NIDA is inviting children and young people on a journey of creative exploration over the spring holidays with performing arts classes designed to excite and inspire.
From September 25 - October 8. 2017, NIDA Open will be running its popular short courses ar NIDA Melbourne and Wesley college with introductory to advanced classes in everything from musical theatre and drama classes to writing for theatre and TV presenting.
Discover your inner actor, learn how to write for performance, venture into new worlds, or find the creative path that you've been searching for. School holidays are made for new and exciting experiences, as well as the furthering of personal interests, but, above all, they are made for fun!
NIDA Open's spring holiday classes offer all that and much more.
With credentials in theatre, TV and film, NIDA Open tutors deliver inspiring experiences with ervery class, for the varied artistic interest and skills of students.
Book for weeeks before class commencement date to receive a 10% earlybird discount. Whether you're looking to become a star of the stage or just have an interest in expressing yourself creatively, NIDA Open can deliver you an enriching and exciting school holiday experience.
For more information on NIDA Open spring courses go to

About NIDA Open
Delivering prgrams across Australia, NIDA Open gives people of all ages and experiences the chance to benefit from NIDA's world-renowned training methods and explore their own creativity through short courses, holiday classes and intensive pert-time studio courses.
Som of NIDA Open's spring holiday courses in Melbourne.
NIDA Drama School:
October 2- 6. 2017 Age: Gredes 3 - 10. Time: 10 am - 5 pm. Price $800 inc GST.
Venue: Wesley college Melbourne
What: A comprehensive course for committed young people. Developing skills including imnptovisation, voice and singing, move,ent and dance, devising and acting to camera. The program includes a session on auditions and screen tests. Perform scenes at the end of the course for family and friends.

Date October 2 - 6. 2017. Age Grades 11 - 12. time: 10am - 5pm. Price $600 inc GST.
Location. Wesley College Melbourne.
What: sharpen your performance skills through a comrehensive workshop with a theatre practitioner drawing on NIDA acting techniques. Develop key principles of actor training, and extend into characterisation and scenework, interpret, rehearse and present some of the most exciting writing produced for young people today.


DateL October 7 - 8. 2017. Age Grades 3 - 10. Time 10 am - 5 pm. Price: $325 inc. GST
Location: Wesley college Melbourne.
What: Identify and experience the essentials of screen acting,. Build your on screen confidance as you develop skills in improvisation, character development ansd scenework. Perform scenes for family and friends at the end of the course.

Date: September 30 - October 1. 2017 Age: Grades 3 - 12. time 10 am - 5pm. Price $325 inc GST.
Location: Wesley College Melbourne.
What: Identify and experience the essentials of screen acting. Build your screen confidnece as you develop skills in improvisation, character development and script work. Rehearse and prewsent live and recorded scenes for family and friends at the end of the course.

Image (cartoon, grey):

Date September 30 - October 1. 2017 Age Grades 7 - 10. time 10 am - 5 pm. Price: $325 inc. GST.
ocation: Wesley college Melbourne
What: Work with a NIDA musical theatre expert to create a short song and sory presentation for stage! This is a great wa to introduce yourself to the magic of musical theatre and find out just what it takes to become a musical theatre star! Presnet your song and story presentation to family and friends at the end of the course.

Date: September 25 - 28. 2017. Age Grades 7 - 10. time: 10 am - 5 pm. Price $500 inc. GST
Location: Wesley College Melbourne.
What: Whether you're in Home and Away or The Avengers, one of the most important skills is being able to "hit your mark' It can also be the hardest to master. Develop the technical ability to be on target, scene after scene, with this intensive screen workshop. Explore working with scripts from television and film, acting in high stakes situations while maintaning the ability to master positions and props with precision.

Date: September 25 - 29. 2017. age: Drades 11 0 12. Time 10 am - 5 pm. Price: $500 inc GST.
Location: NIDA Melbourne. Southnbank.
What: Designed for those passionate about musical theatre, learn songs, choreograohed dance routines and spply NIDA acting principles in an energised approach to all things musical theatre. Be guided in a reliable approach to song and dance routines and examine what it means to complete a show stopping mudical theatre audition!

Date: September 25 - 26. 2017. Age. Grades k 2. Time 10 am - 4 pm. Price: $265 inc GST.
Location: Wesley College Melbourne.
What: Discover incredible new powers as you create your own superhero to join the NIDA League in its battle against evil. Come to the rescue in front of the family and frieds as you perform in action-packed scenes at the end of the course.

Date September 30 - October 1. 2017 Age Grades 11 12. Time 10 am - 5 pm. Price $325 inc GST
lLcation: NIDA Melbourne Southbank.
What: Build vocal and physical presence as you explore interview techniques and present lifestyle pieces to camera. Developm your on screen persona in this practical exploration of TV presenting.